FBI
(Postmodern Studio/Shutterstock)

First Black Woman in History Selected to Join FBI SWAT Team

A woman in Puerto Rico has shattered one of the biggest remaining glass ceilings in law enforcement.

CNN’s Alaa Elassar reported that a Black female agent from Tampa, Florida but working primarily within the U.S. Island territory of Puerto Rico “is believed to be the first Black woman to be selected to train for any of the bureau’s SWAT teams.”

“The newly chosen agent, who has only been identified as Tai, will be undergoing New Operator Training School (NOTS), a 10-week course that prepares selectees for SWAT field operations,” Elassar reported, citing an FBI press release issued to celebrate the occasion.

Should Tai pass NOTS, she would join San Juan’s FBI SWAT team as a probationary member, becoming a full member after six to 18 months of additional training and certification.

“Despite the pressure to successfully become the first Black woman on a SWAT team, Tai’s head remains focused on the first challenge: passing NOTS,” Elassar said. “The course is aimed at improving an agent’s firearm skills, body movement and critical thinking during stressful situations.”

In the FBI release, Tal said, “I’m one of those people where I have a task at hand, and I just focus on that task. I don’t really think about people looking at me.”

“Hopefully, somebody will see that I was able to do it,” she added. “I’m not the biggest person. I’m not as strong as some of these guys. But as long as you have perseverance — because it does get really tough — you push through it and keep going.”

The FBI has 56 different field offices located around the globe, and each has its own SWAT (Special Weapons and Tactics) team.

While she is still undergoing training, San Juan SWAT Senior Team Leader Mike Dubravetz told FBI spokespeople he “sees a lot of promise in Tai.”

“There are no guarantees for success, but she’s been willing to tackle this,” he said. “I’m impressed with her performance. She wouldn’t have made it through the selection process if she didn’t demonstrate that she has what it takes to be successful.”

Tai joined the FBI four years ago as a special agent following her time as a soldier in the U.S. Army Reserve. She was also previously a deputy with the Orange County Sheriff’s Office in Orlando for five years.

According to Elassar, “she was inspired to join the FBI after seeing the bureau’s response to the 2016 mass shooting at Pulse nightclub” and wanted to serve in the FBI to help fight “corruption cases involving non-elected officials.”

“I like to help. Even on patrol, I’d always say that jail isn’t always the answer. Sometimes someone just needs to be listened to, or things can be worked out. That’s just part of listening and trying to help the community that I was serving,” Tai said.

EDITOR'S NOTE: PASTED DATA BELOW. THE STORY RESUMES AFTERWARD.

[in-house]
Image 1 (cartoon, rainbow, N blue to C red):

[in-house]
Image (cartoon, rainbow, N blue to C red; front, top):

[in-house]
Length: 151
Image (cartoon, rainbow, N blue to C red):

“I’m definitely thankful for all the Black women before me in the FBI,” she added. “Because if it didn’t start with that one, who knows how many there would be today — if any. I’m definitely grateful for all of them before me.”

 

Related: For more recent diversity and inclusion news, click here.

 

Latest News

Facebook logo

Facebook Forced To Pay a Record $14-Million Settlement for Discriminating Against US Workers

October continues to be a month Facebook likely wishes it could forget. First came Frances Haugen, the whistleblower who explained in chilling detail how the site and its algorithms are designed to profit off what she called “the spread and amplification of hate, misinformation and political unrest.” Then there was…

AbbVie’s ‘Ability’ Employee Resource Group on How the Company Champions People With Seen and Unseen Disabilities

Originally published at stories.abbvie.com. AbbVie ranked No. 15 on The DiversityInc Top 50 Companies for Diversity list in 2021.   In the sixth of a seven-part Employee Resource Group (ERG) series, we’re shining the spotlight on Ability at AbbVie. This group focuses on advocacy and inclusion, uniting employees with disabilities,…

United States Capitol Building

More Than 300 Black Congressional Staffers Decry Lack of Diversity on Capitol Hill; Challenge Lawmakers To ‘Do Better’

Regardless of which party is in power at any given time, people of color continue to be woefully underrepresented in not just elected office but also within support roles working for those lawmakers. And now, hundreds of these staffers are speaking out about what they call an “appalling” lack of…